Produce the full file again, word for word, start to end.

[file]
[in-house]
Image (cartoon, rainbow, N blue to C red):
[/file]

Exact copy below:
[in-house]
Image (cartoon, rainbow, N blue to C red):